Joachim's concert activity in Europe and England continued steadily throughout his career. Although he eschewed the character and role of a "traveling virtuoso," he became, at an early age, the most notable violinist of his generation (and its most distinguished teacher): an artist in whom technique, taste, intellect, and emotion were combined to a rare degree. His interpretation of the Beethoven Violin Concerto, for example, was considered definitive. He also re-edited Mendelssohn's Violin Concerto in conformity with the original manuscript; revived the works of Tartini; and established in the repertoire Bach's works for solo violin in their original form, without the accompaniments added by 19th-century "improvers." Joachim's friendships with the great composers and performers of his time are an important factor in the history of music in the 19th century, especially his association with Mendelssohn, Liszt, Robert Schumann, Clara Schumann, and Brahms. Joachim introduced the young Brahms to Liszt, and arranged the fateful meeting between Schumann and Brahms in 1853. Of his own compositions, which include works for violin and orchestra, violin and piano, and songs, only the Violin Concerto op. 11 ("Hungarian") survived. His cadenzas for the Beethoven and Brahms concertos, however, are still performed. He also wrote a violin method with A. Moser. Although Joachim had converted to Protestantism in 1855, his decision to resign from the Hanoverian service was finally brought about in 1864, when the violinist J.M. Gruen was refused tenure as a Jew (a principle which had not been observed in Joachim's case). Joachim tendered his resignation on the grounds that he "would never be able to surmount the purely personal feeling of having been enabled through my earlier conversion… to enjoy worldly advantages in the Royal Hanoverian Orchestra while the members of my race occupy a humiliating position there." His Hebraeische Melodien for viola and piano, op. 9 (1854), were inspired mainly by Schumann's enthusiasm for Byron's poems. Although Wagner thought that Joachim's break from the Liszt-Wagner circle in 1857 was due to the republication at that time of Das Judentum in der Musik in Wagner's name (it had first been published anonymously in 1850), the break was undoubtedly caused by musical considerations.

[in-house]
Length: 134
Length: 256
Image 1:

Hundreds of works were dedicated to Joachim, including the Schumann, Brahms, Dvorak and Bruch (nos. 1 and 3) violin concertos, Liszt's Hungarian Rhapsody no. 12, and Schumann's Fourth Symphony (second version, 1853).
Joachim's grandnieces, the sisters Adila Fachiri (d'Aranyi, 1888–1962) and Jelly E. d'Aranyi (1895–1966), were well-known violinists.
A. Moser, Joseph Joachim (Ger., 19043); J. Joachim and A. Moser (eds.), Briefe von und an Joseph Joachim, 3 vols. (1911–13); mgg, incl. bibl.; Riemann-Gurlitt, incl. bibl.; Baker, Biog Dict, incl. bibl.; Grove, Dict, incl. bibl.